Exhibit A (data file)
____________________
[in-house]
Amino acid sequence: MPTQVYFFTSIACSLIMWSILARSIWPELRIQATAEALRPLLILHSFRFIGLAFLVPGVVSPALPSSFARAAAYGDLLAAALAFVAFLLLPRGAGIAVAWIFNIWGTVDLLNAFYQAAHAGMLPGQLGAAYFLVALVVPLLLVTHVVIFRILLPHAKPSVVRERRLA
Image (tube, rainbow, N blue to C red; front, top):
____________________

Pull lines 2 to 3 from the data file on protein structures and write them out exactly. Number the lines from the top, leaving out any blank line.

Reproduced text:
Amino acid sequence: MPTQVYFFTSIACSLIMWSILARSIWPELRIQATAEALRPLLILHSFRFIGLAFLVPGVVSPALPSSFARAAAYGDLLAAALAFVAFLLLPRGAGIAVAWIFNIWGTVDLLNAFYQAAHAGMLPGQLGAAYFLVALVVPLLLVTHVVIFRILLPHAKPSVVRERRLA
Image (tube, rainbow, N blue to C red; front, top):